Told  /  Debunk

Thunderbolt and Lightfoot: The American Creation of Irish Outlaw Folk Heroes

Martin’s confession relates outlaw adventures that appear to be original. But were they real? 

A long tradition exists in Irish history, literature, and oral storytelling of the deeds of Irish outlaws active during the many decades of oppressive English rule. In the late eighteenth century and early nineteenth century, these outlaws were associated both with Catholic rebel groups and an allied Presbyterian organization, the United Irishmen. These outlaws were constituted as localized cells, with the leaders of each cell taking on menacing-sounding titles of rank: Captain Stout, Captain Whack, Captain Hawk, Captain Dasher, Captain Fearnot, etc. In fact, there was a real “Captain Thunderbolt,” John Duggan, who was captured after a 1799 house raid led by his uncle resulted in a murder. Duggan was brutally executed that same year, about fifteen or sixteen years prior to the supposed fame of Michael Martin’s “Captain Thunderbolt.”

It seems likely that Michael Martin was familiar with some of the classic literature of Irish outlaws: The Life and Adventures of James Freney (1754); Cosgrave’s A genuine history of the lives and actions of the most notorious Irish highwaymen, Tories and Rapparees (1747); and The Life and Adventures of Jeremiah Grant (1816). The Grant title was in print just before Michael Martin departed for America. Though these sources might have inspired Michael Martin, he did not re-use any specific episodes found in these. Martin’s confession relates outlaw adventures that appear to be original. But were they real?

The names of Michael Martin, John Doherty, Captain Lightfoot and Captain Thunderbolt do not appear in any Irish or British newspaper accounts from 1814 through 1819. Nor do any accounts of outlaws in that period match their description. Martin portrays John Doherty (Thunderbolt) as a remarkable figure: tall and muscular, a master of disguise, able to romance any woman (and married five times under different names), a career thief who had never been captured, and well-versed in many disciplines, including medicine. Yet no other publications or commentators describe anyone matching Martin’s description of Doherty. At one point Martin asserts that in 1816 there was a reward of £500 on Doherty’s head. Only a few criminals accused of murder—or attacking uniformed officers, or arson, or heavy forgeries—had such a price put on their capture, and they were well-advertised. Yet no reward offers printed in newspapers of the time match Doherty.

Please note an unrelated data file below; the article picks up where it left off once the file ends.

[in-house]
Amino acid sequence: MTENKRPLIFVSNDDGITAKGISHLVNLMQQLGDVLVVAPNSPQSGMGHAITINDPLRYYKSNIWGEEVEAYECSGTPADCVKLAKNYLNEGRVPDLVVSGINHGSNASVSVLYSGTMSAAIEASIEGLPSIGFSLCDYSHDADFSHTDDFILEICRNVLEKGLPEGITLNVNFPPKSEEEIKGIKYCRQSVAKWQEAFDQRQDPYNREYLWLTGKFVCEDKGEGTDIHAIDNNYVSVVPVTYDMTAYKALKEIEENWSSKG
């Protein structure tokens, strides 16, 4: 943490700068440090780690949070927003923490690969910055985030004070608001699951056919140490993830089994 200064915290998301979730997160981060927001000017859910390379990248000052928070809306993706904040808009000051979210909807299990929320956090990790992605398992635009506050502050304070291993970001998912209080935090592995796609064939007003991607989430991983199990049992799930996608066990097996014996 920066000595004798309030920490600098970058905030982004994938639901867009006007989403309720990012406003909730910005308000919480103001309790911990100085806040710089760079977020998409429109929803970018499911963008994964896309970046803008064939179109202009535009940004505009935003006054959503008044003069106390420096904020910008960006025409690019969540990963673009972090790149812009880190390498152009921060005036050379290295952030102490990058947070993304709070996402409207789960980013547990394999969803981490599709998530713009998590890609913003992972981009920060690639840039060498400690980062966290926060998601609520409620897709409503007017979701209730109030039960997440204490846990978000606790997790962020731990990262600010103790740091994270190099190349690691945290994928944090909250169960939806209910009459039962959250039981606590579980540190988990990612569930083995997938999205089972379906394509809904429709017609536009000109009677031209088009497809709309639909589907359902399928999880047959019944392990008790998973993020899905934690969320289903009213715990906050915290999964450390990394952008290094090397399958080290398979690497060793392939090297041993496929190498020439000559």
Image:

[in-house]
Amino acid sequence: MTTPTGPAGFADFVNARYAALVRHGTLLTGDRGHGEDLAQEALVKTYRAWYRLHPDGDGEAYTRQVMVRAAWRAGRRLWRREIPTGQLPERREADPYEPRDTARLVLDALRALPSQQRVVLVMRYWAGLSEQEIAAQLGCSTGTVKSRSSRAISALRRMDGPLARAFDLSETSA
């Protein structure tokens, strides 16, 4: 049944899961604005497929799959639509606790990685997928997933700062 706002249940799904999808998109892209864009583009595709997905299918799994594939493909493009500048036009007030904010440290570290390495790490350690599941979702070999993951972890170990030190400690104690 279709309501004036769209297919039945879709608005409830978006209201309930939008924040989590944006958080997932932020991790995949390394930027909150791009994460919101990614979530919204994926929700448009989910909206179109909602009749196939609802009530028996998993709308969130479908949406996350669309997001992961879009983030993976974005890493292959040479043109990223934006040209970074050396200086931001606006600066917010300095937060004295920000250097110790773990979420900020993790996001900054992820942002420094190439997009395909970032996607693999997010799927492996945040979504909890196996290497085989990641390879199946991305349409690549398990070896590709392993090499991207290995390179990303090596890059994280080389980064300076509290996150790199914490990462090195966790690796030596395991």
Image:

Several of the names that Martin drops cannot be verified: the Martin family’s landlord, Sir William Morris; the widow MacBriar; Colonel Brierton; and the Wilbrook sisters. It is not obvious why he would want to hide the identity of his robbery victims, unless they were fictions. Similarly, Martin offers several clues about his family origins, but an Irish genealogist could not verify any of the information, even given that genealogical records of that period are now scarce.